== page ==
Basing this on material has a couple of dangers:mjlef wrote:Most programs I have seen seem to extend checks exactly one full ply. Some also extend one reply to checks another full ply (or sometimes less). A very few use an extession of 3/4 a ply. In my continuing experiments in my program, I have tried to come up with different criteria, and in testing they seem to help.
First I divide moves into capture and promotions, or non captures.
For promotions/captures, I use the results of an SEE to determine if the piece moving is being lost. Losing captures get a reduced extension (1/4 a ply to 1/2 a ply seems OK). Winning and equal captures get a full ply extension. I have also experimented with losing up to a pawn or material; getting the full ply extenion. Also, i have epxerimented with varying the extnsion depending on if it is a PV node (non-PV nodes get a lesser extension, but if they become PV nodes, get extended a full ply).
For non-captures, I do something similar (of course, the move is either equal or losing). Losing captures get a smaller extension.
My best tests so far suggest moves losing more than 1.5 pawns of material get no extension. Moves losing less material get 1/4 to 1/2 a ply, and winning or equal moves get a full ply. Ptrobably winning capture checks deserve more than a ply but I have not done enough testing to know for sure.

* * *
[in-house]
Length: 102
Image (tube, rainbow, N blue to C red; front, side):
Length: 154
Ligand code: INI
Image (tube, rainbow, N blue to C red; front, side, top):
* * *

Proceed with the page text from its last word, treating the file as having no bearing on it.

The goals of all of this is to shape the search tree, so moves with a higher probability of being best have more search under them, and moves likely to be bad, samller trees.
Has anyone revisited this issue, and is there something better than "always a full ply"?
(1) if you don't extend checks that lose material, what happens to you on positions like WAC 141 where the key move tosses the queen for no apparent gain?
(2) if you are well ahead, not extending also has a down-side. Suppose you grabbed what appeared to be a hanging rook (I will include a FEN below from the 1981 game between belle and Cray Blitz where we were running in "batch mode" and without pondering, and played what appeared to be an "easy move" that won material but was a losing move if searched a little deeper) and by not extending any checks below that, you let yourself horizon the ultimate loss away and you just grab the rook.
There are good reasons to not extend here and there, but I am not sure that basing the decision just on material is good enough. Here's the B-CB FEN:
Qxb6 is bad. Bxh6 is a forced draw. Doesn't take long for today's programs to discover that Qxb6 is unplayable (unless you play at an ICC-like 1+0 time control maybe). But what does your material limit do to the depth required to avoid Qxb6???